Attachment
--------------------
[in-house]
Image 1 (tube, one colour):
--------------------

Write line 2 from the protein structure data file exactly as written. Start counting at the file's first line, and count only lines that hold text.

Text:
Image 1 (tube, one colour):